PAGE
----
When The 100 returns for Season 5, fans can expect Bellamy to be playing a new role: that of mediator. At this year’s WonderCon press room, series star Bob Morley talked about the changes ahead for his character, and the challenges they presented for him as an actor.
Q: What do you like about both Bellamy and Clarke’s leadership styles?
Bob Morley: Clarke is more the rational, the head and the heart, and that combination between the two usually leads to some coherent resolution. Not always, though! But this season, Bellamy’s definitely taken on board the head and the heart aspect, cause he thinks Clarke is dead. And he says if we die up here, then she died in vain. So he’s really tried to adopt this rational approach to everything to make sure that everyone is surviving up on the ship… I think that’s his way of somehow absolving his guilt of having left her behind.
Q: Are we going to get a chance to see him play mediator?
BM: First episode, he’s mediating stuff already… With Bellamy I’m usd to him kind of not mediating but basically enforcing… I’ve said it before that he was the enforcer for Clarke and everyone else, whereas now he is more of a mediator and he approaches things with a level head… That was a tricky part for me, me getting my head around this new style of leadership for Bellamy.
Q: One of the things we haven’t heard a lot about is Bellamy and Caine… How would you describe that?
BM: Brief! Cain has a crazy story this season and… it’s interesting to see, you know? And where that character goes… Octavia’s story this season is quite heavily featured and is quite wild, but Kane’s narrative throughout the season is… I was really kind of taken back by the way that he approaches conflicts throughout the season.
Q: Can you spoil anything about Bellamy and Octavia?
BM: It’s really quite heartfelt but also in a very morbid way.
Q: There’s gonna be a lot of death in Season 5, it sounds like.
BM: Sounds like it huh? Yeah.
Q: You guys had a massive scene where you talked about the blood overflowing for miles.
BM: It’s quite a bloody season I guess… There’s also a lot of character development and all that. I’m really interested to see how people will react to this season, based on all… with the six new characters and the huge character turns that have happened over that six years. It’s kind of like a readjustment period in a way.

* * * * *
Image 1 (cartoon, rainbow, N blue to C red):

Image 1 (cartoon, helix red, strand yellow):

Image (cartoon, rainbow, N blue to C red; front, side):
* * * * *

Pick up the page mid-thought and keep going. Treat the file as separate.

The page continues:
Q: Would you say any of the characters are in the same head space where we last saw them?
Q: So what kind of headspace you’d say you’re in?
BM: The thing that I’ve always, always found surprising about Bellamy is that he has this sense of hope and determination and perseverance. There is part of him that, as you’ll see in the first episode, that can be a little bit frustrated by the pace of things, but for him… the huge thing for him is this mediator role.
That was hard for me to get my head around. I would talk to the writers about it, saying I don’t think this is true to him and they’re like, “He’s had six years and they’re developing this story.” And I’m like, “Yeah, but it doesn’t feel like I’m playing the same guy.”
And then as the season went on I kind of pulled off my blinkers and saw they they actually had quite a great arc for him this season, that hopefully I played it well enough and it works but it was a huge shift for me to play Bellamy that is a peacemaker in a way. Like I mentioned Kane before. It’s kind of in that vein so it’s a very foreign feel for me to play that.
Q: So is the Murphy/Bellamy bromance dead at this point or are they still strong?
BM: I feel like they’re kind of big brother/little brother. Kind of reminds me of when I was younger with my brother, and always trying to beat him and things like that. And it’s only when you get older that you can actually beat your siblings at things. When they’re like four years older than you, they’re alway stronger and bigger. I’m obviously stronger and bigger than Richard, so you know!
Season 5 of The 100 premieres Tuesday, April 24 at 9 p.m./8 p.m. Central on The CW.